Claribel Alegría has often spoken in interviews of the writer’s role as the voice of the voiceless, of poetry as a weapon against repression, oppression, exploitation, and injustice. She considers herself a feminist, which she defines as wanting equality for women and men, and she both writes about women and promotes the work of women writers. Her poetry reflects her experience of exile, loss, and absence, often with a sense of nostalgia, or of longing for a happier, more innocent past. Much of her work is at least partially autobiographical, and memory serves as a powerful means of preserving the past.
Flores del volcán/Flowers from the Volcano
The first translation of one of Alegría’s works into English was Flores del volcán/Flowers from the Volcano, a bilingual edition. It is through the efforts of the translator, prizewinning poet Carolyn Forché, that Alegría first came to the attention of readers in the United States. Many of the poems chosen for this collection come from the 1978 collection Sobrevivo. The title of the work is an indication of its contents: The volcano represents Central America as a region and El Salvador as a country, as part of the Pacific Ring of Fire, but the volcano also represents the eruption, violence, and death caused by the civil wars of the 1970’s and 1980’s in Nicaragua, Guatemala, and El Salvador, while flowers suggest beauty, hope, and life.
In the title poem, “Flowers from the Volcano,” Alegría critiques the class structure in El Salvador, in which “the volcano’s children/ flow down like lava/ with their bouquets of flowers,” threatening the status quo of the well-to-do, “the owners of two-story houses/ protected from thieves by walls,” who “drown their fears in whiskey.” She remembers the dead in “Sorrow,” with its “rosary of names,” including Roque Dalton, the Salvadoran poet killed by government forces in 1975, and the Chilean folksinger Victor Jara, killed by security forces in the stadium of Santiago in 1973, along with many other Chileans.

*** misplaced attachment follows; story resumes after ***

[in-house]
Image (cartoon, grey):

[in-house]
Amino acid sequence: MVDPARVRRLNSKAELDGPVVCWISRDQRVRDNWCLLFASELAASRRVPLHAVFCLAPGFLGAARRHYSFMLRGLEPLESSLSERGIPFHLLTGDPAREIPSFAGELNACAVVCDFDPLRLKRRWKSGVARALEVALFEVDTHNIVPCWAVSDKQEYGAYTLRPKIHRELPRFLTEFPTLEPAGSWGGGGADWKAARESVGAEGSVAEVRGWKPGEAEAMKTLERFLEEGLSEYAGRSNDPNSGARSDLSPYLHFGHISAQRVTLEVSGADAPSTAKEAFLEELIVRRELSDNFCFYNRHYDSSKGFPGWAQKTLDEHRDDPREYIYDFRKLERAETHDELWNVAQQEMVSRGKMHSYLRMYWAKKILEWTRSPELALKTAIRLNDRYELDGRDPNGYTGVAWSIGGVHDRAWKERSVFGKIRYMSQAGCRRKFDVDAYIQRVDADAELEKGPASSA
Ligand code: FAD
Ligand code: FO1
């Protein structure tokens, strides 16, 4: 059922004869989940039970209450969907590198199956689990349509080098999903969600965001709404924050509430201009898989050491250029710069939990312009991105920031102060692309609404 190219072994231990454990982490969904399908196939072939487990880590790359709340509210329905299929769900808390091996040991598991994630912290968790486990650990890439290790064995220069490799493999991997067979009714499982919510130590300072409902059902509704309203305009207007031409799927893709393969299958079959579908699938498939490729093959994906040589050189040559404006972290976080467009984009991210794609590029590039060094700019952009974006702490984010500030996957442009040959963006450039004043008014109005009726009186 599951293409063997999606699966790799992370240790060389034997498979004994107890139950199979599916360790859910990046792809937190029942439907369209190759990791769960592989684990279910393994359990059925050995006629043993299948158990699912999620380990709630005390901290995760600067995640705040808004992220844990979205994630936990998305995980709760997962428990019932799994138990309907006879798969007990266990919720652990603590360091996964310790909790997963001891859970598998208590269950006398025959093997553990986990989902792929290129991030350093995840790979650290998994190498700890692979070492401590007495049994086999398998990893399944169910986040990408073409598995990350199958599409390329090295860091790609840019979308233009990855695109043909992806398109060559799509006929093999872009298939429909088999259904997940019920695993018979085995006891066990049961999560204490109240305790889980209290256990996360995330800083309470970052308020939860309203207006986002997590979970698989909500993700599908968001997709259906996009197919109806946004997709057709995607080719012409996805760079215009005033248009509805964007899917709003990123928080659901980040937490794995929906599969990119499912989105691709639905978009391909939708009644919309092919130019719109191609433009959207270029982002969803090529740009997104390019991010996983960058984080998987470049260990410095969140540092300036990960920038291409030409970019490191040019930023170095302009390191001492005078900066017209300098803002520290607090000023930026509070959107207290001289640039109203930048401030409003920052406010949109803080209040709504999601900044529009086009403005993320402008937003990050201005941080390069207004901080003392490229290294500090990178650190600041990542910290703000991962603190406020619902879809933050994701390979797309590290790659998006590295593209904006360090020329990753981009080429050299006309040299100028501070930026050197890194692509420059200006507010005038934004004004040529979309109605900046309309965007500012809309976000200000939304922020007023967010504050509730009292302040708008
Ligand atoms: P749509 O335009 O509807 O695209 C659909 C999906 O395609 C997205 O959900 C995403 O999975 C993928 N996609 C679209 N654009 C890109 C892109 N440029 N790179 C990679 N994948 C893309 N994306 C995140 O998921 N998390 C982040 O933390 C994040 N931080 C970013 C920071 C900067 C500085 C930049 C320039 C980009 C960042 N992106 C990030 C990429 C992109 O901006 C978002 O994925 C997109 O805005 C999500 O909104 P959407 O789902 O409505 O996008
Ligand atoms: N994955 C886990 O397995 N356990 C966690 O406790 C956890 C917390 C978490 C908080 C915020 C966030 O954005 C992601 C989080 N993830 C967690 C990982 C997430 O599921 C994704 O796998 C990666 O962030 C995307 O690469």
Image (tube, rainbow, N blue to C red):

Flowers from the Volcano contains some poems of nostalgic recollection of life in Santa Ana in simpler times, but the collection principally engages notions of class struggle and the brutal repression of liberty and life. As Forché notes in the volume’s preface, five years passed between the summer that she and Alegría worked on the book and its publication, and in those five years “more than 40,000 people . . . died in El Salvador at the hands of security forces.”
Luisa in Realityland
Sometimes called a novel, or a mixed-genre work, Luisa in Realityland combines brief autobiographical anecdotes and vignettes with poetry to tell the story of the childhood and adolescence of Luisa (who resembles Alegría) in a country much like El Salvador. (The poems from this volume also form one section of the collection Y este poema-río.)
For Luisa, like Alegría, the ceiba tree of her homeland(in “The Ceiba”) is nearly mystical with meaning, “. . . the sentinel/ of [her] childhood.” In this poem, as in most of the poems in this work, are the themes of exile and loss: “My absences/ have been lengthy/ innumerable,” she says; “They won’t let me return.” Alegría’s politics are clear in these poems. In “Personal Creed” she states:
I believe in my peoplewho have been exploitedfor five hundred years
(The entire section is 1476 words.)
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